Lately it's been so clear that all that matters is love. Sure, you have to pay the bills, get the tires rotated, take care of the garden, and do the laundry, but ultimately, the only thing that brings lasting satisfaction is the growth of the soul. And that's connected with feeling love, compassion, and equanimity.

I'm planning my Mom's memorial with my friends and sister. It will be on Sunday in a meadow between some hills at a garden she used to visit when she was healthy. I don't know who all will be there, but I'm playing guitar and singing with my friend and guitar teacher Cindy Lee Berryhill. My mom always encouraged self-expression and was a tremendous music lover! My sister is bringing a mountain of delicious cookies, my father is bringing photos and scrapbooks. I think it will be okay. I have purchased several beautiful vintage hankies on Etsy just in case anyone needs them.

So, love and compassion. We talk about enlightenment, about being on the path, but I don't think we go anywhere until our hearts soften. When we have been stunned by life into submission, our hearts often have to open.
Sogyal Rinpoche says that when we have suffered, we can understand the suffering of others, and our hearts simply open.


I know so many people who have experienced loss lately. Friends have attended the memorials of their own family members. Friends have discovered their own illnesses. I've had to say goodbye to my dog, due to health reasons. But the heart is resilient, it grows towards the light. And to greater and greater love in this life.


This pretty little new jade Anglican Rosary was made for a very special woman. She designed it with me over a period of months, never wavering in her patience. We found the handmade silver cross in a shop based in Greece, the marcasite and silver beads and the new jade beads in the U.S., and the tassel is French. It's supposed to symbolize and evoke patience and peace. For me it really did. Just making it was a meditation. All malas should come together like this—really special.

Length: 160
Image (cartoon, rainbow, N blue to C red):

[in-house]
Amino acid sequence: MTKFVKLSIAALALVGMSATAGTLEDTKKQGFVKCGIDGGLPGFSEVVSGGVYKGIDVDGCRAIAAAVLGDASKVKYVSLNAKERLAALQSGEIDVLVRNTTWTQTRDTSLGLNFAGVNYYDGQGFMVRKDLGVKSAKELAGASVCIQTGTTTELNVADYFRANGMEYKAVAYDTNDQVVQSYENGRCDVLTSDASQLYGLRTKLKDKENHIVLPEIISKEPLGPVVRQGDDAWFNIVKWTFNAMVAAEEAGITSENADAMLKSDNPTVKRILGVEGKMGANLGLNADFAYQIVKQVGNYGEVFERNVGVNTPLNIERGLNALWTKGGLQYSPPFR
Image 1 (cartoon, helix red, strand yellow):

Peace to you! May you be well.

Thursday, April 15, 2010

Springtime at the Self Realization Fellowship Gardens

Spring Flowers at Self Realization Fellowship—A Pilgrimage

It's been a while since I left my mala-making table and my busy life with family, to visit the gardens at the Self Realization Fellowship in Encinitas. A few weeks ago Jan, author of the Awake Is Good blog, posted some photos and comments about visiting there with journal in hand, to meditate and be at peace. I thought to myself "why am I not going there to sit under a tree? I live about 4 miles from it." It's a gorgeous place, usually full of meditators, families, and tourists who come to see the immaculately tended gardens kept in honor of Paramahansa Yogananda. It's always fun to see people on dates there. That would be a nice way to start a relationship, wouldn't it?

So I went with my camera. It was so refreshing to get out of the house and slowly walk the grounds, smilingly meeting peoople as we enjoyed the pond of giant koi and the flowers. Soooo peaceful. What great altruisum the monks have, to maintain this garden for the public.

I ended up half meditating, half dozing, beneath a large palm tree in the sun. Supposedly this was a place Yogananda enjoyed meditating at. If you go, it's right by the empty swimming pool he used to take a dip in. Another wonderful place to let go of your cares.

Sigh, it's so blessed there. Thank goodness for all the teachers and all the spiritual traditions. There are as many types of genuine teacher as there are sincere students.